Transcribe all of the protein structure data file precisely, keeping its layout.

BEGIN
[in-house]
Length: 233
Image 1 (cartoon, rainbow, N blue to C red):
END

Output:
[in-house]
Length: 233
Image 1 (cartoon, rainbow, N blue to C red):